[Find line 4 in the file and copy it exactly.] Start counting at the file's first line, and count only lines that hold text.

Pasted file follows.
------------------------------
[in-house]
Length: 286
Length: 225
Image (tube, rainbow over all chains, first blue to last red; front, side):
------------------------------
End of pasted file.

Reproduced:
Image (tube, rainbow over all chains, first blue to last red; front, side):